Tommaso Zillio

Most guitar student start taking lessons with the unsaid hope of one day being able to write their own songs. What I see in my experience is that, while they DO want to write their own song, they never talk about this with their guitar teacher.

Usually it’s because they make the assumption that their teacher can not help them in learning how to write songs.

(Wait, did I just write “LEARN” how to write songs? Yes, I did! And yes, you CAN learn how to write songs… it’s not something you have or not, it’s a skill like many others)

Back to us: if you want to learn how to write songs – no matter what is your present level, I suggest you let your guitar teacher know as soon as possible, so that he or she can help you in that.

the thing is this: musical inspiration and the ability to write songs are not a mystical thing.

In fact musical inspiration is a very mundane happening: it’s just you having musical ideas. If you ever sang something to yourself, or whistled a melody that you made up on the moment, that’s musical inspiration. It’s something natural that you just need to let happen.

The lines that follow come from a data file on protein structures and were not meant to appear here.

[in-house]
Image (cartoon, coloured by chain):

Just pass by your local kindergarten and you will hear children singing made up songs all the time.

So musical inspiration happens to everybody: the difference between a “normal person” and a musician is that musicians learns to capture and use these moments to write music. That is, while a “normal person” would make up a melody and let it go (i.e. forget it), a musician knows what to do to take this moment and record it so that he or she can compose a song later.

In fact musicians specifically train to do this. Again, inspiration is innate, but knowing what to do when inspiration strikes is not an innate ability: you have to learn it.

In fact, it’s not even hard. So what should you do when inspiration strikes? Watch this video to find out:

You see? That was not the end of the world is it? In fact, you may already be doing something similar. And even if not, it’s never too late to start.

Even if at the beginning you do not feel that this practice make much of a difference, stick to it. In a few weeks you will see how much you will improve in capturing inspiration and make use of it.

About The Author

A professional guitarist, teacher, and composer, Tommaso Zillio enjoys particularly writing about writing songs